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Makeup Artist
Makeup Art by Alex
Posts: 19
West Hollywood, California, US


I have done a lot of TFP/TFCD, and I don't want to anymore since makeup is now my only source of income.

I don't know what price to put on my services...

I don't want to charge too much, because I'm still newer, and there are plenty of people who would do it for free.

I recently got offered a job from a business who needs someone to do makeup for a few employees. I think it's for their website/cards.

I just went blank when I was asked what I charge... I really don't know what to charge.

I think all my life, having no money, asking someone to pay me for something I do seems really weird for me.

So, I'm seeking advice:

MUAs- How much would you charge?
How do you price your services?

Thanks--

Alex
Sep 16 09 04:44 pm  Link  Quote 
Makeup Artist
Makeup Art by Alex
Posts: 19
West Hollywood, California, US


...Am I allowed to bump?
Sep 16 09 07:12 pm  Link  Quote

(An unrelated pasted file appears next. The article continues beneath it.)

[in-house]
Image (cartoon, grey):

Model
Jacquelyn Marie
Posts: 4,129
Boston, Massachusetts, US


First off, it depends on what kind of makeup you're doing/how many people/how many hours. I would keep those ideas in mind. Also don't sell yourself short. If you know you are capable of doing amazing makeup then mark your prices accordingly.


My best friend is a freelance makeup artist and her rates are usually $50-$100.

Hope this helps.
Sep 16 09 07:57 pm  Link  Quote 
Makeup Artist
Kristen S Makeup
Posts: 1,371
Plymouth, Massachusetts, US


There are a lot of threads on this. If you do a search, you will find some. 

For the most part, everyone is different, although they *should* be in the same ballpark.  It depends on the market you're in and the job you're doing.  The best thing for you to do is to get in touch with some other makeup artists in your area. 

Don't sell yourself short and don't be afraid to charge what you're worth.  I was terrified to give a number at first, but it gets easier with practice.  smile
Sep 16 09 08:06 pm  Link  Quote 
Makeup Artist
ROSHAR
Posts: 3,791
New York, New York, US


Honestly- I think you need more professional shots in your port before you start charging.

I suggest professional photography
Professional models
and clean makeup

Im not trying to critique you but trying to let you know.

It takes time to build a portfolio strong enough to present to clients.
Took me 2 years. 4 to get it to what you see now.